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While most of America thinks of April 15th as the only tax deadline in existence, there are other deadlines which can have an equally devastating impact, if you fail to file in a timely manner.

March 15, 2021 is the tax deadline for calendar year ending S- Corporations, Limited Liability Companies (LLC) taxed as S- Corporations and Partnerships. If your business is an S- Corporation you will need to file Internal Revenue Service (IRS) Form 1120-S.  If your business is an LLC taxed as an S- Corporation, you will also need to file IRS Form 1120-S. However, if your business is a partnership you will need to file IRS Form 1065. It is important to note that if you are a single member LLC taxed as a sole proprietorship or a solo member LLC taxed as a disregarded entity, your filing deadline is April 15, 2021.

If You Are Unable to Comply with the Filing Deadline

If you are unable to file your business tax return by the deadline, then you must file an extension. To file an extension, use IRS Form 7004 for federal returns. If your state requires a corporation or partnership return, check with them to determine which extension form if required.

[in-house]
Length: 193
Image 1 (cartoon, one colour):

Consequences If You Don’t File

When you fail to file a Form 1120-S by the deadline, the corporation is charged a monthly penalty that’s equal to 5 percent of any income tax that remains unpaid. Moreover, the corporation will reach the maximum 25 percent penalty after the fifth month that the return remains unfiled. Even if the corporation wouldn’t have reported any taxable income had the return been filed, the IRS will still charge a penalty of $100 once the return is more than 60 days late.

More Than Five Months Late

Finally, even if you’re more than five months late filing the corporate return, the corporation can continue to accrue additional penalties. In addition to the penalties for failing to file, the IRS can charge the corporation a separate penalty for paying taxes after the filing deadline. This penalty will increase the amount of tax that the corporation owes by one-half of a percent for each month it remains unpaid. However, since the two penalties accrue at the same time, the IRS does reduce the late-filing penalty by the amount of late-payment penalties that accrue during the same initial five months. Therefore, if the corporation owes tax with the unfiled return, the business may end up paying up to 47.5 percent in combined penalties. The IRS will also charge interest on the corporation’s unpaid tax and penalties until everything is paid off. The moral of the story is to file an extension and avoid tax troubles.